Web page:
Botanical Wonder

The Birth of Tree Ivy

What do you get when you cross a cow with a lemon? Sour cream. Bad joke, but funny because it just couldn’t happen. In the botanical world, hybrids happen occasionally in nature, usually between closely related species within a single genus. Once humans started fiddling around with growing plants, though, they contributed to a vast and growing number of hybrid plants. Sometimes they were trying to produce more or better crops, sometimes just a new color of an old favorite flower. One seemingly strange hybrid combination between species in two separate genera, though, has resulted in a sturdy ornamental vine called Fatshedera lizei. In one of the more egregious examples of common names taken from the botanical nomenclature, it is sometimes known as fatheaded Lizzie or by the more descriptive name, tree ivy.

One parent is the lovely, tropical-looking shrub called Fatsia japonica (old names such as ­Aralia sieboldii or A. japonica may still circulate, too). Also known as Japanese aralia, its glossy green leaves are deeply divided, resembling a maple on steroids, and can be more than a foot wide. This native of eastern Asia thrives in cool shady spots and yet gives that air of having come from the warmest rain forest. Its clusters of small white flowers occur in the fall and winter and are followed by small, shiny black fruits (be aware that these are poisonous if ingested). Tucked into the ground or a container, it is a great choice for that shaded entryway or patio and is sturdy enough to withstand the splashings from a swimming pool. It may eventually reach five to eight feet, but can be kept lower with judicious pruning. In fact there is a selection that remains smaller called ‘Moseri.’ Besides the common dark green variety, there is also one that sports golden yellow or creamy white edges on its leaves and is simply known as ‘Variegata.’

It’s actually the other parent that might startle you: English ivy (Hedera helix). This ubiquitous vine is most often grown as a groundcover or on a fence for screening. Though there are many selections that have better manners, the species is vigorous to invasive and requires continual vigilance to keep it out of areas where it could smother tender plants or off of buildings or structures where it is unwanted. But it happens to be in the same family as Japanese aralia and, if left in one place long enough, will make a shrubbier top growth that supports clusters of white flowers that are quite similar. So similar, that hybridization between the two genera was possible. In nature, these two plants would never have had the chance to meet, much less breed, but specimens of them were both included in the stock of the Lizé Frères nursery in Nantes, France in the early 1900s. From this one experiment, which is said to have never been repeated, have come the Fatshedera plants available today.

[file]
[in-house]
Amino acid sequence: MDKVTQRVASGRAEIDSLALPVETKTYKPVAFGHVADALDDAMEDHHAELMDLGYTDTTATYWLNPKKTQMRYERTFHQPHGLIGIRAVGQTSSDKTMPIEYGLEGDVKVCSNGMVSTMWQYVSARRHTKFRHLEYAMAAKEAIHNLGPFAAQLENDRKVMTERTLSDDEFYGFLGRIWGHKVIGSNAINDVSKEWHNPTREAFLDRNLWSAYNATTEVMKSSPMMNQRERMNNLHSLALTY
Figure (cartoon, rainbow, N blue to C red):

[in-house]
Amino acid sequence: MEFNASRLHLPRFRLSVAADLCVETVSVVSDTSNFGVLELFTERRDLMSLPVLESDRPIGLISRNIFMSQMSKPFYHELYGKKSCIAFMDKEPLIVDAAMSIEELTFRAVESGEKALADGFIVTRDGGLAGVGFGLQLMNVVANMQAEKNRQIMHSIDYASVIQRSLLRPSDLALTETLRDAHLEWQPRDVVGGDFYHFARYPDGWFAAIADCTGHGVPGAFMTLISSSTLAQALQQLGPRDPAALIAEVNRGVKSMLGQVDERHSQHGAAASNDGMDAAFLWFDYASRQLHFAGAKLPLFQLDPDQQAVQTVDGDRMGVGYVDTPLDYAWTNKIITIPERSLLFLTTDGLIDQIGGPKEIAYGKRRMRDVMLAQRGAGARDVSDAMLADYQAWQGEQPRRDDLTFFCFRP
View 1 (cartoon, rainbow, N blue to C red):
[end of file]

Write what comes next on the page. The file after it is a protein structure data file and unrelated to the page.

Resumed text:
The resultant offspring is intermediate between its parents in most of its characters. It is a woody vine with thicker stems than ivy has and lobed leaves definitely bigger than ivy, but only about half the size of those of Japanese aralia. They are lobed more deeply than ivy, but not as much as aralia. It is adaptable enough that you can train it as a vine, or espalier it on a sturdy structure, or keep it pinched back to promote branching for a shrubby look. As a container plant, the shrub option is probably the best one. It could even be used as a big bold groundcover. If it should get out of hand in any situation, cut it clear to the ground and begin again with fresh sprouts from the base of the plant. Fatshedera likes full shade during the hottest hours and seasons in inland sites, but along the coast can thrive in some sun. Just like its parents, there is even a variegated selection with white-bordered leaves. Since it does so well in the shade, it makes a great houseplant, too. Its bold foliage will grace any corner. Don’t put it in the darkest one, or it will probably get too leggy, and remember to turn the pot now and then so it doesn’t grow only on one side.

So, if you are looking for an easy-to-grow and exotic-looking plant for the shade, this botanical wonder might be just the ticket. And it makes for a great story, too.

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